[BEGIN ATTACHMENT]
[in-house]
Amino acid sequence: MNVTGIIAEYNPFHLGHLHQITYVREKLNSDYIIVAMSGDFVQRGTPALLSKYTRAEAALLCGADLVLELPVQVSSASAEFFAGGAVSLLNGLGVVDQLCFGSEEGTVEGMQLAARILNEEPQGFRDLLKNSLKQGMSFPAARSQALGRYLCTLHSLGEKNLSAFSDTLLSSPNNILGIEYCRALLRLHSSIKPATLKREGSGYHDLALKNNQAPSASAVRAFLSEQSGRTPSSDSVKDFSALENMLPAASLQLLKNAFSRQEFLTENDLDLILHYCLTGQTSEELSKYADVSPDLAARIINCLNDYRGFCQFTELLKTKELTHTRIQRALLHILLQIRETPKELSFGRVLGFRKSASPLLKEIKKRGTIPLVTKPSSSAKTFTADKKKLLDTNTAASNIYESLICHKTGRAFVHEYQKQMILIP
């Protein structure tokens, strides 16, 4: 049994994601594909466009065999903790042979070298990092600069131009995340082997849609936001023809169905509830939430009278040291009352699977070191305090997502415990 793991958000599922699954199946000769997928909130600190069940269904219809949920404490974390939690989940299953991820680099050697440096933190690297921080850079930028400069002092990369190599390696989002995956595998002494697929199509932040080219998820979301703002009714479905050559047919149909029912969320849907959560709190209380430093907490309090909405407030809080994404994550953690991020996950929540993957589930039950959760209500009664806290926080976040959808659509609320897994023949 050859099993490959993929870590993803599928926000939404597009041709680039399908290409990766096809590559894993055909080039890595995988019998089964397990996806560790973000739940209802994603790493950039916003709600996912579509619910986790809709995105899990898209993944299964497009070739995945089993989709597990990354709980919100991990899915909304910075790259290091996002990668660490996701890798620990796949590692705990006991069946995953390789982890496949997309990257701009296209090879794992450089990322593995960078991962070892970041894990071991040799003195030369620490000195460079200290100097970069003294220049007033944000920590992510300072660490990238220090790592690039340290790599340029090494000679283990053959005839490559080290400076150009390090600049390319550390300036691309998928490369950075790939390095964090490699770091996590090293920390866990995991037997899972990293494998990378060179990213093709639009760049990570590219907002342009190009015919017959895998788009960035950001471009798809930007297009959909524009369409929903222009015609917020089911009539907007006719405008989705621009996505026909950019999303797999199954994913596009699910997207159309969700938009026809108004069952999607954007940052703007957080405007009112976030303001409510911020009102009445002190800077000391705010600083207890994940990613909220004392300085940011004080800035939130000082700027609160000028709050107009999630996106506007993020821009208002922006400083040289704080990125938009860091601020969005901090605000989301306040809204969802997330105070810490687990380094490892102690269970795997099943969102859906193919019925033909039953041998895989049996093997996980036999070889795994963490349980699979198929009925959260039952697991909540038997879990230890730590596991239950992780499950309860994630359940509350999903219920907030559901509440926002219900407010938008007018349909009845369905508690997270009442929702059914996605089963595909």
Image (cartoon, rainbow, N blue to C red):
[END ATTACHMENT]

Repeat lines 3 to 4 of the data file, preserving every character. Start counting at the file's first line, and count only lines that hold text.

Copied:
């Protein structure tokens, strides 16, 4: 049994994601594909466009065999903790042979070298990092600069131009995340082997849609936001023809169905509830939430009278040291009352699977070191305090997502415990 793991958000599922699954199946000769997928909130600190069940269904219809949920404490974390939690989940299953991820680099050697440096933190690297921080850079930028400069002092990369190599390696989002995956595998002494697929199509932040080219998820979301703002009714479905050559047919149909029912969320849907959560709190209380430093907490309090909405407030809080994404994550953690991020996950929540993957589930039950959760209500009664806290926080976040959808659509609320897994023949 050859099993490959993929870590993803599928926000939404597009041709680039399908290409990766096809590559894993055909080039890595995988019998089964397990996806560790973000739940209802994603790493950039916003709600996912579509619910986790809709995105899990898209993944299964497009070739995945089993989709597990990354709980919100991990899915909304910075790259290091996002990668660490996701890798620990796949590692705990006991069946995953390789982890496949997309990257701009296209090879794992450089990322593995960078991962070892970041894990071991040799003195030369620490000195460079200290100097970069003294220049007033944000920590992510300072660490990238220090790592690039340290790599340029090494000679283990053959005839490559080290400076150009390090600049390319550390300036691309998928490369950075790939390095964090490699770091996590090293920390866990995991037997899972990293494998990378060179990213093709639009760049990570590219907002342009190009015919017959895998788009960035950001471009798809930007297009959909524009369409929903222009015609917020089911009539907007006719405008989705621009996505026909950019999303797999199954994913596009699910997207159309969700938009026809108004069952999607954007940052703007957080405007009112976030303001409510911020009102009445002190800077000391705010600083207890994940990613909220004392300085940011004080800035939130000082700027609160000028709050107009999630996106506007993020821009208002922006400083040289704080990125938009860091601020969005901090605000989301306040809204969802997330105070810490687990380094490892102690269970795997099943969102859906193919019925033909039953041998895989049996093997996980036999070889795994963490349980699979198929009925959260039952697991909540038997879990230890730590596991239950992780499950309860994630359940509350999903219920907030559901509440926002219900407010938008007018349909009845369905508690997270009442929702059914996605089963595909």
Image (cartoon, rainbow, N blue to C red):